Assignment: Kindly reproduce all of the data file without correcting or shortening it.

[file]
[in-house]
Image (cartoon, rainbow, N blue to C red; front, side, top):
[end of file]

[in-house]
Image (cartoon, rainbow, N blue to C red; front, side, top):